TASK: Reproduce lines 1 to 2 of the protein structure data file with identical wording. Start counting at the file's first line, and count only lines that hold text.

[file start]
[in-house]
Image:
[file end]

[in-house]
Image: